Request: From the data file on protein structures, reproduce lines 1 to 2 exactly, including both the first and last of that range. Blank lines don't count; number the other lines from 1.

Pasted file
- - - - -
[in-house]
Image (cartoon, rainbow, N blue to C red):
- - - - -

[in-house]
Image (cartoon, rainbow, N blue to C red):